Juno is a strange, and certainly surprising, beast. A low budget, $6.5 million, movie with no big name stars, a storyline that has a 'questionably marketable' subject of teen pregnancy, and isn't a straight out comedy. So how is it then that the movie managed to gross $US228 million around the globe?
The answer to that is quite simply due to the superb script by Diablo Cody (which won the Academy Award for best Writing, Screenplay), and the stellar performance by Ellen Page which saw her nominated for Best Actress at the Academy Awards. Add to that a nomination for Best Directing for Jason Reitman, and a nomination for Best Picture and it's clear to see why this movie succeeded. Now, having seen this movie several times Juno is, in our minds, thoroughly deserving of all these accolades.
Juno tells the story of teenager Juno MacGuff. Faced with an unplanned pregnancy, this offbeat young woman makes an unusual decision regarding her unborn child. She embarks on a search to find the "perfect couple" to take on parenting responsibilities only to find life isn't quite so simple.
Fortunately Ellen is backed up by a strong supporting cast, not least of which is J.K. Simmons (who you may know from the Spider-man films) who puts in an equally impressive performance as her father. Not only does he bring the movie some of the more amusing moments, but also some wonderful heart as Juno's father. Surprisingly the father to be Paulie Bleeker (played by Michael Cera) has a pretty limited amount of time on-screen despite his relatively high billing. No doubt Michael has talent, and he certainly has plenty of charm and charisma, but don't expect any Superbad type screen domination. This movie is all about Juno's journey.
From the wonderful animated opening sequence, to the somewhat surprising conclusion Juno is a gorgeous movie. Well written, well directed, and well acted this is a movie with plenty of heart. No matter your age, or sex, this is a great movie sure to delight and it seems to only get better with repeat viewings.
Presented at 1080p using the AVC MPEG-4 codec this movie is presented in its original aspect ratio of 1.85:1 and looks as good as one could expect. As such a low budget movie it's not surprising that the video doesn't have the gloss associated with Hollywood movies these days, but with a bitrate that hovers between 30 and 40Mbps it has been given every opportunity toshine. What we have here though is a somewhat gritty, 'down to earth', styled movie that goes for simplicity and realism rather then and over the top style. The transfer to Blu-Ray is, in that regard, a success with good levels of detail and accurate colour reproduction.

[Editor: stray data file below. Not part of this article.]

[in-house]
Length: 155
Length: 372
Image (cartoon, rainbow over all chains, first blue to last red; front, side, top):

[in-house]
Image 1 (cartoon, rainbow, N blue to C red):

Having said that I really do think this movie could have done with a little less grain in some of the scenes and a little more sharpness in the detail in others. Indeed with a little more of that 'Hollywood' flare and sharpness this movie could quite easily have moved up into the realm of reference quality. Still, one thing is certain, this Blu-Ray transfer is vastly superior to the DVD release.
Subtitles are provided in English for the Hearing Impaired, Italian, German, Spanish, Danish, Finnish, Norwegian, Swedish, and two other languages which, ermm, we're not sure about. The audio commentary is also subtitled in English, Italian, German, Spanish, Danish, Finnish, Norwegian, Swedish.
Audio Commentary with director Jason Reitman and screenwriter Diablo Cody: This is certainly the highlight of the extras on this disc with a lively and upbeat commentary that is a joy to listen to. Not only does the commentary cover the production, but also real-life issues. This is well worth a listen.
Deleted Scenes (20:24): Here we have 11 deleted scenes in total with an optional commentary from director Jason Reitman and screenwriter Diablo Cody. Many of these are extensions of scenes in the movie, and their reasons for being cut are varied. It's nice to have them on the disc though.
Cast and Crew Jam (3:12): An amusing video clip with the cast and crew from the movie jamming.
Screen Tests (22:34): Now this is what I love to see an extra on Blu-Ray. These screen tests, the majority of which include Ellen Page naturally, really shows why the actors were hired and how the characters may have developed from the initial tests to final filming.
Way Beyond "Our" Maturity Level: Juno-Leah-Bleeker (8:58): A look at the character the characters in the mvoie with interviews with the actors and Diablo Cody who wrote the movie, but based parts of her life, and characters in it, on the events in the movie.
Diablo Cody Is Totally Boss (8:37): This featurette focuses on Diablo Cody, the writer of the movie. This looks at how she started with her stripping blog (she was a stripper prior to writing Juno), and how she moved into writing this movie.
Honest to Blog Creating Juno (13:01): Jason Reitman and talks to screenwriter Diablo Cody about creating the story for Juno, what it was like writing her first screenplay and the impact it has had.
Fox Home Movie Channel Documentaries (13:17): Two featurettes 'Juno World Premiere' and 'Casting Session' are available. Being developed for TV they're a certainly little 'fluffy' and promotional in content (especially the Juno World Premiere featurette), but nice Blu-Ray exclusive bonuses.
Review By: Dave Warner